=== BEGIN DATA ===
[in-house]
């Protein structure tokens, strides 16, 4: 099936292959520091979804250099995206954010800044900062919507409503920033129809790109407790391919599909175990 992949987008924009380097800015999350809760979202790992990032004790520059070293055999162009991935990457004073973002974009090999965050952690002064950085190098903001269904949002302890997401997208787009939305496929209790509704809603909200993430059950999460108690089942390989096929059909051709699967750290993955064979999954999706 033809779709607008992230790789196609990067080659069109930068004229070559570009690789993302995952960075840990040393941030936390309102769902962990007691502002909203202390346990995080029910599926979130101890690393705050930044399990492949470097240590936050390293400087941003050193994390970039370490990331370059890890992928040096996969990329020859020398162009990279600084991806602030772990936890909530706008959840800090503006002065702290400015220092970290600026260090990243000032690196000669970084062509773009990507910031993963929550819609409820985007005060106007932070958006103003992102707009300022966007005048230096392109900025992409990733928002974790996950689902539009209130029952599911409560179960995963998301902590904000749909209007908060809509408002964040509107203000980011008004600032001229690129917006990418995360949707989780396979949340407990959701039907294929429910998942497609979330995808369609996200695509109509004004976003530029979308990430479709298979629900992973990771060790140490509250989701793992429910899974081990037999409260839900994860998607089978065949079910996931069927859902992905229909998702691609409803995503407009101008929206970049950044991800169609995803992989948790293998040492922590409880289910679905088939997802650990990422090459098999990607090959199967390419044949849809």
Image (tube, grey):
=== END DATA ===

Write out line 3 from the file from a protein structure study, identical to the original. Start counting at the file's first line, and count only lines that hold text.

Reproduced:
Image (tube, grey):